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 Theme of Juz Thirty –The Afterlife

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PostSubject: Theme of Juz Thirty –The Afterlife   Theme of Juz Thirty –The Afterlife EmptySat Mar 30, 2019 10:36 pm

Theme of Juz Thirty –The Afterlife

The final Juz of the Qur’an contains the most Surahs, which are also the shortest Surahs in the Qur’an, and most of them are Makkan. The theme of this Juz is similar to that of the 29th Juz, as it focuses on matters of Aqeedah with a special emphasis on the Afterlife. In the end, it is the Afterlife that really matters and our lives in this world are simply a preparation for the Afterlife, and so the Qur’an emphasizes this topic over and over again.

The first six Surahs in this Juz are all Makkan Surahs describing the Last Day and the final destinations of the believers and disbelievers.These are Surah An-Naba, An-Naazi’aat, Abasa, At-Takweer, Al-Infitaar, Al-Mutaffifeen and Al-Inshiqaaq. These Surahs include vivid descriptions of the end of the world, signified the temporary nature of the Dunya.

The next Surah is Surah Al-Burooj, a Makkan Surah revolving around a story mentioned in an authentic Hadith in Saheeh Muslim. It is known as the story of the boy and the king, and is unique in that the story ends with all of the believers massacred, yet we are taught “Those who believe and do righteous deeds, they are in Gardens beneath which rivers flow, and that is the greatest success.” (85:11) We learn from this that true success is not based on what we achieve in this world, but rather what we achieve in the Afterlife.

The next group of Surahs focus on the signs of Allah in the creation around us. Surah At-Taariq reminds us, “Mankind should look at what he was created from.” (86:5) Surah Al-A’laa reminds us that Allah is the one who created us, so we should purify our souls and focus on his pleasure. Surah Al-Ghaashiya teaches us to look at how the heavens, earth and animals were created, as in that are signs of the Creator and His Greatness.

The next four Surahs focus on the qualities needed to succeed in this and the next life. Surah Al-Fajr reminds us that greed for wealth destroys people, while purifying the soul leads to Allah’s pleasure and eternal bliss. Surah Al-Balad reminds us to focus on being good to Allah’s creation by taking care of the orphans, the poor and the weak. Surah Ash-Shams teaches us that it is the purification of the heart that leads to success, and the corruption of the heart that leads to evil. Surah Al-Layl teaches us that following Islam leads to ease in both worlds, while disobeying Allah leads to problems in both worlds.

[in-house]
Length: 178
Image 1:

The next group of Surahs focus on optimism and having hope. Surah Ad-Duhaa was one of the earliest Makkan Surahs and it focuses on remembering the good that Allah has blessed us with in the past, and that good things will come in the future as well. Surah Al-Inshiraa emphasizes this by reminding us that with difficulty always comes ease, and Surah At-Teen reminds us that humans who obey Allah are the best of creation.

These are followed by three Surahs focusing on revelation. Surah Al-Alaq includes the first verses ever to be revealed, including the command to read and recite, and a warning to Abu Jahl and anybody who follows in his footsteps. Surah Al-Qadar reminds us of the importance of the night of Qadar as it was the night on which the revelation first descended. Surah Al-Bayyinah teaches us that it is following the revelation that distinguishes between the best of Creation and the worst.

The next six Surahs focus on the Last Day, and the importance of avoiding materialism. Surah Zilzaal, Al-Qaari’ah and Al-Humaza all offer vivid descriptions of the Last Day. Surah Al-Aadiyaat, Surah At-Takaathur, Surah Al-Asr and Surah Al-Humaza all remind us that greed for this world leads to the destruction of mankind.

Surah Al-Feel and Surah Al-Quraysh are reminders to the Quryash of Allah’s blessings upon them, for which they should be grateful to Him and follow His messenger. Surah Al-Ma’oon is a reminder that Islam emphasizes caring for the orphans and the poor, just as it emphasizes praying Salah properly. Surah Al-Kauthar is a reminder of the high status of the prophet Muhammad Sallalahu aleihi wa , and Surah Al-Kaafiroon is a reminder never to comprise on the principles of our religion to please people of other religions.

Surah An-Nasr was the last Surah to be revealed in Madinah, and is a reminder that victory in this world comes from Allah, and we should focus on worshipping Allah, even after attaining victory. Surah Al-Lahab (Al-Masad) was an early Makkan Surah predicting that Abu Lahab would die a disbeliever, a prophecy which came true almost a decade later.

The Qur’an ends with the three Quls. Surah Al-Ikhlaas, also known as Surah At-Tawheed, is considered one third of the Qur’an as it summarizes the message of Tawheed in four lines, and Tawheed is the theme of one third of the Qur’an.

Surah Al-Falaq and Surah An-Naas, also known as Al-Muawwadatayn, are two protection Surahs which should be recited every morning and evening. Surah Al-Falaq is for protection from worldly evils like jealousy, magic and the harms of people, while Surah An-Naas is for protection from the spiritual evil and misguidance caused by the devils among humans and Jinn.

Source: Themes of the Qur'an by Abu Muawiyah Ismail Kamdar
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